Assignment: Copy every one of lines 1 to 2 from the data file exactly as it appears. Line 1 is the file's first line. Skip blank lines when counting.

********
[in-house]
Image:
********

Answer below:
[in-house]
Image: